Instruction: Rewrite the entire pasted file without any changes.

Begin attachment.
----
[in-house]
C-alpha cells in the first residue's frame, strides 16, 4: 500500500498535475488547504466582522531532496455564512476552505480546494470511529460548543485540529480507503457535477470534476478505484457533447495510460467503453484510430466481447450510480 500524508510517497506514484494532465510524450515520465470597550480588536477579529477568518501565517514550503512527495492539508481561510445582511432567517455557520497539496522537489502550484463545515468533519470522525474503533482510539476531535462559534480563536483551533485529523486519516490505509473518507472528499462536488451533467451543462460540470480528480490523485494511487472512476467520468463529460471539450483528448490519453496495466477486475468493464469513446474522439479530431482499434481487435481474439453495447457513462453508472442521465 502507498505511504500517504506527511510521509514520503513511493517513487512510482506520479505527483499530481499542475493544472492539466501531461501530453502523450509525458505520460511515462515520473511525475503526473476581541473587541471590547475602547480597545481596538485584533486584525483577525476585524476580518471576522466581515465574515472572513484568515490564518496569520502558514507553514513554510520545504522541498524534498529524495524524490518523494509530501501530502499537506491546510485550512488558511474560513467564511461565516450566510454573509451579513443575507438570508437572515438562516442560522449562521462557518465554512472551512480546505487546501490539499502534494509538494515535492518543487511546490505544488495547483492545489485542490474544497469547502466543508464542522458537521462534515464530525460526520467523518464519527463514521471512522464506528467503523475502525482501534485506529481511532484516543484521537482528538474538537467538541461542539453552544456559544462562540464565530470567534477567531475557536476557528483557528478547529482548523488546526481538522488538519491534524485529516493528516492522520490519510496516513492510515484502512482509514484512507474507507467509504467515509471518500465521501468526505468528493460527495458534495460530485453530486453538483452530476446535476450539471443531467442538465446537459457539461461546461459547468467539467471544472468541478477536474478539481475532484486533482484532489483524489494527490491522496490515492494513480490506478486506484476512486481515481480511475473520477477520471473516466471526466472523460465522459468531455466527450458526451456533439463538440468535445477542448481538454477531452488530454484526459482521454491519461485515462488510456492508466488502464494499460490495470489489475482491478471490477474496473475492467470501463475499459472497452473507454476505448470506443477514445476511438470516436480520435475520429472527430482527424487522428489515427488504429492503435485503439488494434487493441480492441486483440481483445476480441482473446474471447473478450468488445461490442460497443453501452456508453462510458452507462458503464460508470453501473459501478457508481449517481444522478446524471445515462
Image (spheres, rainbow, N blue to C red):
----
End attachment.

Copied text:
[in-house]
C-alpha cells in the first residue's frame, strides 16, 4: 500500500498535475488547504466582522531532496455564512476552505480546494470511529460548543485540529480507503457535477470534476478505484457533447495510460467503453484510430466481447450510480 500524508510517497506514484494532465510524450515520465470597550480588536477579529477568518501565517514550503512527495492539508481561510445582511432567517455557520497539496522537489502550484463545515468533519470522525474503533482510539476531535462559534480563536483551533485529523486519516490505509473518507472528499462536488451533467451543462460540470480528480490523485494511487472512476467520468463529460471539450483528448490519453496495466477486475468493464469513446474522439479530431482499434481487435481474439453495447457513462453508472442521465 502507498505511504500517504506527511510521509514520503513511493517513487512510482506520479505527483499530481499542475493544472492539466501531461501530453502523450509525458505520460511515462515520473511525475503526473476581541473587541471590547475602547480597545481596538485584533486584525483577525476585524476580518471576522466581515465574515472572513484568515490564518496569520502558514507553514513554510520545504522541498524534498529524495524524490518523494509530501501530502499537506491546510485550512488558511474560513467564511461565516450566510454573509451579513443575507438570508437572515438562516442560522449562521462557518465554512472551512480546505487546501490539499502534494509538494515535492518543487511546490505544488495547483492545489485542490474544497469547502466543508464542522458537521462534515464530525460526520467523518464519527463514521471512522464506528467503523475502525482501534485506529481511532484516543484521537482528538474538537467538541461542539453552544456559544462562540464565530470567534477567531475557536476557528483557528478547529482548523488546526481538522488538519491534524485529516493528516492522520490519510496516513492510515484502512482509514484512507474507507467509504467515509471518500465521501468526505468528493460527495458534495460530485453530486453538483452530476446535476450539471443531467442538465446537459457539461461546461459547468467539467471544472468541478477536474478539481475532484486533482484532489483524489494527490491522496490515492494513480490506478486506484476512486481515481480511475473520477477520471473516466471526466472523460465522459468531455466527450458526451456533439463538440468535445477542448481538454477531452488530454484526459482521454491519461485515462488510456492508466488502464494499460490495470489489475482491478471490477474496473475492467470501463475499459472497452473507454476505448470506443477514445476511438470516436480520435475520429472527430482527424487522428489515427488504429492503435485503439488494434487493441480492441486483440481483445476480441482473446474471447473478450468488445461490442460497443453501452456508453462510458452507462458503464460508470453501473459501478457508481449517481444522478446524471445515462
Image (spheres, rainbow, N blue to C red):